Both individuals and society cannot be separated far from each other for two reasons. One, being that they are both created through social interaction, and two, one cannot be understood in terms without the other. Behavior is not defined by forces from the environment or inner forces such as drives, or instincts, but rather by a reflective, socially understood meaning of both the internal and external incentives that are currently presented (Meltzer et al., 1975).
Herbert Blumer set out three basic premises of the perspective:
Humans act toward things on the basis of the meanings they ascribe to those things.
“The meaning of such things is derived from, or arises out of, the social interaction that one has with others and the society.”
These meanings are handled in, and modified through, an interpretative process used by the person in dealing with the things he/she encounters.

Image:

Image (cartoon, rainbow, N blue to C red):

The first premise includes everything that a human being may note in their world, including physical objects, actions and concepts. Essentially, individuals behave towards objects and others based on the personal meanings that the individuals have already given these items. The second premise explains the meaning of such things is derived from, or arises out of, the social interaction that one has with other humans. Blumer, following Mead, claimed people interact with each other by interpreting or defining each other’s actions instead of merely reacting to each other’s actions. Their “response” is not made directly to the actions of one another but instead is based on the meaning which they attach to such actions. Thus, human interaction is mediated by the use of symbols and signification, by interpretation, or by ascertaining the meaning of one another’s actions. Meaning is either taken for granted and pushed aside as an unimportant element which need not to be investigated or it is regarded as a mere neutral link or one of the causal chains between the causes or factors responsible for human behavior and this behavior as the product of such factors. Social interaction is the source of meaning, and out of which the typical communication media which have meanings, the language arises, and is negotiated through the use of it. We have the ability to name things and designate objects or actions to a certain idea or phenomenon. The use of symbols is a popular procedure for interpretation and intelligent expression. Blumer contrasted this process with behaviorist explanations of human behavior, which does not allow for interpretation between stimulus and response.